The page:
He's a one-trick pony.
Every show is the same. He's not that smart, and in fact was once such a dumbass that he over-extended himself and went bankrupt.
His mantra though is sound for anyone disciplined enough to follow it:
* live below your means
* avoid debt
* save money from every paycheck
* if you can't pay cash for it, chances are you don't need it (excl. houses and cars)
* protect what you have with insurance
* build up a cash cushion in case you income stops
AND THAT'S HIS ENTIRE SCHTICK!
Ramsay enourages everyone to be debt free - including no house mortgage when possible.
It's about sticking to a budget throwing as much money at the debt as possible. No going out to eat, movies, cars etc.
On one show, he actually said he buys all of his property with cash now.
He warns everyone that filing bankruptcy will ruin their lives and that they should avoid it at all costs, when he obviously recovered from his own. My only regret about filing Chapter 7 is that I didn't do it 3 years earlier. My credit and finances have recovered, and I have virtually no credit. I learned my lesson.
It's overly simplistic advice, but listen to the horror stories his listeners tell, and it's probably as much as they can handle.
I want to dislike the guy, mostly because he's on right before Rush Limbaugh, but I really can't disagree with much he says. Sure, there's a whiff of conman and carnival barker about him, and it's funny how his budgets seem to include enough to buy his books, tapes and seminars, but maybe his listeners need that reinforcement.
What's amazing is that we seem to graduate high school students without giving them as much financial education he dispenses on AM radio in an hour.
I've seen posts on this site with people in excess of 100K in cc debt yet they snub Ramsay's advice. LOL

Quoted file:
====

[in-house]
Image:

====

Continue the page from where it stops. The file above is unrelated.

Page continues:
The only reason people listen to his radio program is because I like to hear people even more financially fucked up than they are.
Like going to the mall when you feel you're ugly just so you can see uglier people.
I wonder if we're related?
you have to venture out to the county fairs to feel like a beauty queen.
I can smell the peer pressure off of these callers and the entitlement attitude they have. My, my, how everyone thinks they have to drive a new car or live in a mansion. Oh, and vacations--everyone has to take an expensive vacation just to show off the photographs to their unimpressed neighbors.
No one in America brags about how they manage to save every month or sacrifice pleasure tripsfor economic security.
Americans put more money into material goods but have shit-can bodies.
it makes no sense
It is sad that people need to be practically whipped into understanding by being told the same thing over and over again. There is always some insecurity issue that needs to be dealt with before his message can finally stick.
Ramsey is also the creator of Financial Peace University, a biblically-based video training series for adults.
Living within a budget is revolutionary in America. Of course, ceasing to eat when you're full is also revolutionary.
But it's not sticking, R9.
Oliver Stone said one great thing: Americans are drug addicts because our culture is too materialistic. I'm not saying it's just us either: good god, Asians may be worse. However, we have to worry about ourselves.
Our media perpetuates the mythology of material wealth through rap music, t.v. shows where everyone lives in a big house, and films where everyone lives comfortably.
I have noticed that Japanese-Americans are big on saving, and will do without showy lifestyles to maintain financial balance.
Koreans are the opposite: they are all about the bling. Many Philipinos are the same. So are El Savadoreans--gold teeth, new car but live in shitty neighborhoods.
Of course I am generalizing but you see my point. The whole world has to show off.
Financial guru Dave Ramsey: “I LOVE Chick-fil-A food and Dan Cathy is a personal friend. I will be buying a biscuit on Aug. 1 to tell them I love them. Join me.”
Naked pix please before I can comment.
"HI, Dave, how are you?"
"Better than I deserve. What's going on?"